Courtesy of Corps of Engineers Foundation.
Smith family and Hiram M. Chittenden Locks staff.

Corps of Engineers Foundation receives memorial donation for fish ladder improvements

Foundation aims to redesign locks experience

Almost 100 years ago the Army Corps of Engineers built the Hiram M. Chittenden Locks (Ballard Locks). It was built to support the movement of timber and coal from areas along Lake Washington to the Puget Sound. Today it remains a beloved Ballard icon and a busy Seattle tourist attraction.

But from years of use and decline in Army Corp funding have taken a toll on the facility, especially in the educational and recreational support sector. Concrete is cracking in the Fish Ladder viewing area; the educational media is outdated; and the revenue from the visitor center barely covers paying the staff.

The problem arises from the way the Army Core allocates funding. The Corps allocates administrates the locks and bases funding on commercial cargo tonnage moving through. This means that even the fishing fleet going through the locks every season don’t count as commercial cargo vessels because their hulls are emptied before coming through the locks. Originally built for commercial use in 1917, today 95 percent of the 50,000 vessels moving through the locks every year are recreation boats, according to Richard Deline, Director of the Corps of Engineers Foundation. The recent 520 bridge pieces and sporadic Salmon Bay Gravel account for the majority of the commercial activity. Funding averages to less than 60 cents per visitor, which goes to supporting the Fish Ladder, English Gardens and visitor center.

The locks were added to the National Register of Historic Places in 1978. Thousands of people come to the locks to see the boats, the Corps’ mastery of engineering and view the salmon as they move up the ladder. Also, scores of recreational boaters and commercial service vessels like Foss Maritime’s tugs move through the locks every day. However, admission and services remain free to the public.

"The main issue is that the budgeting process established many years ago by Congress (for the nation) is that Corps project funding is based on commercial cargo (and other things) and that process is not likely to change anytime soon, especially with our existing Congress,” said Deline. “Unfortunately, the Locks has virtually no commercial cargo anymore and hence budgets do not match the needs, especially for a one hundred old facility."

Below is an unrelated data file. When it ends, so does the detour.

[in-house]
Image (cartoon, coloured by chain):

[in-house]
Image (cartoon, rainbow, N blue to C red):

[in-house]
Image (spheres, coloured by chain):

With its centennial approaching in 2017, Deline said the foundation is trying to improve the deteriorating facility into something the City can really be proud of. The Corps of Engineers Foundation (National non-profit) in partnership with Discover Your Northwest (regional non-profit) have produced a Locks Master Plan that would improve the visitor experience at the Locks with public involvement and funding. Seatte-based architectural firm, Jones & Jones, donated designs for updating the Visitor Center and Fish Ladder.

Deline said that they really want to make the most improvements to the fish ladder.

“We decided to focus on the fish ladder because that’s where people like to go. When the salmon are there it’s great. People come a long way to see the ladder. But without the fish, there isn’t much for educational materials there for visitors.”

Plans for the fish ladder include better lighting, acoustics and larger viewing windows, along with digital display technologies to better educate the public and to at least provide some interactive experience when salmon are not visible.

There are also plans for six portable touch screen kiosks to be placed through out the facility. Two of these screens have already been set up, along with a new HD projection system in the visitor center theatre.

Support for these efforts are already underway. The Family of James Smith donated a memorial gift of $7,545 in honor of their father who loved visiting the locks. The family raised the money by placing a small ad in the Seattle Times and it slowly grew from donations.

“The Chittenden Locks and fish ladder topped Dad's list of favorite places in Seattle. After he passed away, we wanted to give a gift in his memory, so we contacted the Corps of Engineers Foundation. The locks, fish ladder, and gardens represent Dad's hobbies, and are such a beautiful and peaceful setting! We are very pleased to know that our gift is so timely, as the need is great and it will contribute to improvements as you prepare to celebrate your 100th anniversary,” wrote a relative of James Smith.

As a Federal agency the Corps cannot accept monetary gifts, but as a non-profit the Corps of Engineers Foundation can and will use the funds for the Fish Ladder improvements.

Deline said that sustaining the funding in the future is crucial to the vitality of the locks, and so the foundation has formulated a plan to involve public funding. The public will soon be able to support improvements to the fish ladder through purchasing tile plaques.

"This major memorial gift is setting a precedent," said Deline. “That’s the first ever gift to the Corps of engineers ever nation wide. It’s not a lot but in the scope of things, but it’s a big deal “

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Ballard locks receive memorial donation from family; Foundation aims to redesign locks experience

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